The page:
The shame of Afghanistan’s virginity tests

“My life has been turned upside down. I used to have a good life. But now everything has changed for me.”

Neda sits on a threadbare Afghan rug. A shy 18 year old from Bamiyan in central Afghanistan, she adjusts her headscarf as she recalls the day doctors forcibly subjected her to an intimate and degrading “virginity test”.

It was 2015 and she had just finished a late-night theatre rehearsal. The walk home would have taken nearly two hours. So, together with another girl, she accepted a lift from two male friends.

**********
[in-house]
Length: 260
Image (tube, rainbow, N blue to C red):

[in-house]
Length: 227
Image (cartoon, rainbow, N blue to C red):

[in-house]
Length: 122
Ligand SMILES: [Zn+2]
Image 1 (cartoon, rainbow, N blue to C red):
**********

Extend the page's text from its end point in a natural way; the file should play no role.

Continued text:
Coming from a working-class background, Neda says her weekly pocket money didn’t cover her everyday costs. Her mother often asks her to go without lunch if she has to pay for a ride back home.

“Even to this day, I sometimes blame myself for being in this situation… for getting in a car with men. I blame myself for bringing shame upon my family. But I also know that was my only way of getting home”.

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